The US Treasury will be selling its remaining shares in Citigroup, not only exiting ownership but making a profit on its investment. It found buyers for 2.4 billion shares at $4.35 a share for $10.5 billion of profit. (Can they please manage my stocks?) At this point the biggest private stakes left on the Treasury’s ledger are in General Motors and AIG…although the fate of Fannie & Freddie must still be figured out. CitiMortgage was the #5 residential lender for the first half of 2010. The Treasury had already announced $42.8bn in proceeds from the sale of 4.4bn shares to the end of October, including dividends, the repayment of preferred shares and interest.
Speaking of large banks, Bank of America (#2 residential lender during the first half of 2010) remains committed to shedding non-core assets, even after the company raises the extra equity required as part of its exit from the TARP per a Dow Jones. It “has committed to selling assets it thinks are no longer essential to its business or don’t fit the bank’s strategic goals.” Recently it sold a huge stake in BlackRock and sold the right to purchase additional shares in China Construction Bank. For example, anyone looking to buy BofA’s Balboa insurance unit, which sells so-called creditor-placed coverage (a type of home insurance that kicks in when a house enters foreclosure or homeowners stop paying for their own insurance) should give them a call.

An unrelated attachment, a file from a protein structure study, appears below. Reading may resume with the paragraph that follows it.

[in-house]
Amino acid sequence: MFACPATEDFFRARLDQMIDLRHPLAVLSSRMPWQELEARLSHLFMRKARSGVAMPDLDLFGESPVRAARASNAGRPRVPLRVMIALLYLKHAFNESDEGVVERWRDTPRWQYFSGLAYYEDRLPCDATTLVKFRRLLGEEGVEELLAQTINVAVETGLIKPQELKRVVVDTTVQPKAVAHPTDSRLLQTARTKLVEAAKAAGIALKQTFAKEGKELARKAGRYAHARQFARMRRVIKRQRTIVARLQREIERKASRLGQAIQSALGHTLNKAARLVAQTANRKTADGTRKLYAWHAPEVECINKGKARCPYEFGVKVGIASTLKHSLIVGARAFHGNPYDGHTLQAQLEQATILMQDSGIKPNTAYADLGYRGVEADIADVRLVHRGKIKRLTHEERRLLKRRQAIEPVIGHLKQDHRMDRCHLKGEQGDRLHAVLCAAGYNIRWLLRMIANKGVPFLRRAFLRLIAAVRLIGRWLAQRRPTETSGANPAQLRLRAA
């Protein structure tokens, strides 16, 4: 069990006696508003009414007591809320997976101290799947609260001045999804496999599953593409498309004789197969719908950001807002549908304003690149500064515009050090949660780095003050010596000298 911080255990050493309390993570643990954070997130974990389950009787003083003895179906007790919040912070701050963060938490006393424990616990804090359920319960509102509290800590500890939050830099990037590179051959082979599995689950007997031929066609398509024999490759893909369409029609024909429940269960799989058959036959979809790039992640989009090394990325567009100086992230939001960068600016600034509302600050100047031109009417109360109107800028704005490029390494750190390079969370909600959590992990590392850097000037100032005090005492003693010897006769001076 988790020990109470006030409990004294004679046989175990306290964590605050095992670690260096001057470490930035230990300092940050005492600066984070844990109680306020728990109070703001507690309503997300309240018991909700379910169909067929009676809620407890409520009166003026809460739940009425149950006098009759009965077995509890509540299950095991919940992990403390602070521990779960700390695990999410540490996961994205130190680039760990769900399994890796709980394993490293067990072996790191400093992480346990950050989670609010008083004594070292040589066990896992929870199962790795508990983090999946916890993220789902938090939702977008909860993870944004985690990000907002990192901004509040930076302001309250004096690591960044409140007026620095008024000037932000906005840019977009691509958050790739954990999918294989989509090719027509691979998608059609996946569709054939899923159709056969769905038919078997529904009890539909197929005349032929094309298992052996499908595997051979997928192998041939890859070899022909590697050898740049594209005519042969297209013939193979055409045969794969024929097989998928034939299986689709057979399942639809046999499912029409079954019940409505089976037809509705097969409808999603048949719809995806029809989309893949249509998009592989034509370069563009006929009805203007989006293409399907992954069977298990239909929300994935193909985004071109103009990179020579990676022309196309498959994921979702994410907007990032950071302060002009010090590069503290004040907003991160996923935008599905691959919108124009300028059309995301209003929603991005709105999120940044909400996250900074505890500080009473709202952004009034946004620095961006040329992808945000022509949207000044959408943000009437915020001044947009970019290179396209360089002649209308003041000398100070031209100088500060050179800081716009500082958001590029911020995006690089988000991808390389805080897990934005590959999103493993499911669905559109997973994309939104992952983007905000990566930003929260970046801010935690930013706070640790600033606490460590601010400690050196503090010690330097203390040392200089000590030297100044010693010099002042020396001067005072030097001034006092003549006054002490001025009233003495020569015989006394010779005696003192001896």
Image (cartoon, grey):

Yesterday we had some nice improvement in MBS prices, which unfortunately has basically been given back this morning. Money managers were in buying MBS’s, and traders reported that originators were buying back hedges. (Let’s hope that they’re not putting those hedges back on this morning at worse levels.) MBS volume was significantly below normal, and MBS prices closed from 3/8th to nearly 3/4 of a point higher along 5s down through 3.5s, respectively, while higher coupons gained just a few ticks.
But here on Pearl Harbor Day rates have moved higher here due to the tax cut extension news: Obama agreed to extend the Bush tax cuts. That compromise also bought Obama the bargaining chip to extend unemployment for another 13 months and cut the payroll tax by 2%. Of course this does little to help the deficit and therefore increases Treasury issuance, but takes pressure off of the Fed and should boost GDP. The US headlines also overshadowed news that the EU committee decided there would be no immediate relief packages for the likes of Spain and Portugal.